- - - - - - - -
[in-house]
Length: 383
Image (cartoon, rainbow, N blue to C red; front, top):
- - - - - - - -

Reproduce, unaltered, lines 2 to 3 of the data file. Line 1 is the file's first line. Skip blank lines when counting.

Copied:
Length: 383
Image (cartoon, rainbow, N blue to C red; front, top):